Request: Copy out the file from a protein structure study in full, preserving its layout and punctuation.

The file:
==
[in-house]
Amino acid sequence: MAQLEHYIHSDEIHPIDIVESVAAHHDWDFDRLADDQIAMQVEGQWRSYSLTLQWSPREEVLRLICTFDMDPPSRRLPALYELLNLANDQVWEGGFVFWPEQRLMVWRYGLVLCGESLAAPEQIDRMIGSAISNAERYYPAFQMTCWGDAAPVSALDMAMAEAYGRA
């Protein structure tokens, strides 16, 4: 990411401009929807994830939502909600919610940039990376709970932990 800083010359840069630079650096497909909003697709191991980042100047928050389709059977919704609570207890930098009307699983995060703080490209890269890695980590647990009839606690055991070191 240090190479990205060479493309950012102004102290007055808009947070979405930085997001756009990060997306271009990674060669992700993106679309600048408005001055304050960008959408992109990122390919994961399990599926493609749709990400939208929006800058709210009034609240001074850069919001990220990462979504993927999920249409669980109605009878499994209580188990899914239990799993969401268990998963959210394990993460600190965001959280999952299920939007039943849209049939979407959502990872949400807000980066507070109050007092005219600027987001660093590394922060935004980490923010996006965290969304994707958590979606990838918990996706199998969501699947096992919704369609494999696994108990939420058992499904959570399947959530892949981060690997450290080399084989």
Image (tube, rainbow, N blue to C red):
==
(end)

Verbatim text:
[in-house]
Amino acid sequence: MAQLEHYIHSDEIHPIDIVESVAAHHDWDFDRLADDQIAMQVEGQWRSYSLTLQWSPREEVLRLICTFDMDPPSRRLPALYELLNLANDQVWEGGFVFWPEQRLMVWRYGLVLCGESLAAPEQIDRMIGSAISNAERYYPAFQMTCWGDAAPVSALDMAMAEAYGRA
């Protein structure tokens, strides 16, 4: 990411401009929807994830939502909600919610940039990376709970932990 800083010359840069630079650096497909909003697709191991980042100047928050389709059977919704609570207890930098009307699983995060703080490209890269890695980590647990009839606690055991070191 240090190479990205060479493309950012102004102290007055808009947070979405930085997001756009990060997306271009990674060669992700993106679309600048408005001055304050960008959408992109990122390919994961399990599926493609749709990400939208929006800058709210009034609240001074850069919001990220990462979504993927999920249409669980109605009878499994209580188990899914239990799993969401268990998963959210394990993460600190965001959280999952299920939007039943849209049939979407959502990872949400807000980066507070109050007092005219600027987001660093590394922060935004980490923010996006965290969304994707958590979606990838918990996706199998969501699947096992919704369609494999696994108990939420058992499904959570399947959530892949981060690997450290080399084989």
Image (tube, rainbow, N blue to C red):